Woodland, Calif. homeowners are likely to soon receive letters from their mortgage letters requiring them to purchase homeowners insurance, according to the Sacramento Bee.
The Federal Emergency Management Agency (FEMA) recently redrew the city map to include a flood risk in parts of the city, based on potential floodwaters from Cache Creek. The city, which has no previous flood history, now identifies 35 percent as a risk for a large flood, which statistically occurs once in every 100 years.
As city officials discuss the most effective way to protect the city from any potential floods, including the construction of a floodwall or setback levees homeowners will see higher insurance premiums surface.
However, Woodland leaders fear opposition from residents who aren’t willing to pay increased fees, as voters already rejected measures that proposed paying for the construction projects with sales-tax extensions.
Residents and business owners who fall into the zone, which encompasses mostly the northern part of the city, can expect to pay $300 to $600 per year for flood insurance, totaling approximately $2 million a year. City officials fear that business will stop locating to Woodland due to the high premiums.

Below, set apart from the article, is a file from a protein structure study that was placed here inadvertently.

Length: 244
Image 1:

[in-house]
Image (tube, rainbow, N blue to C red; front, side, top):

The Sacramento area flood in 1986 changed data that would determine whether or not the area was susceptible to a 100-year flood, reiterating the strict criteria FEMA introduced in 1984 in the construction of levees and other protective structures. 1995 and 1997 floods in the region further accentuated the risk.
Woodland City officials have spent approximately $1 million in city funds during the past eight years, working with the U.S. Army Corps of Engineers to construct a study on protecting the city form flooding. The agency will release its formal recommendations most likely in late April, with preliminary results including the construction of setback levees or a new flood barrier.
With the cost estimated at $46 million for levees, with a $3 million a year maintenance fee, and the flood wall estimated at a cost of $28 million, with a $2 million yearly maintenance fee, Woodland residents expressed concerns over a sales tax extension which would help fund the project, even with the Federal Government contributing a portion. Seventy percent of voters vetoed Measure G, which would have funded the project with the extended sales tax last month.
City officials are considering polling residents to see if they are simply against the flood protection measures, or just against the sales tax.
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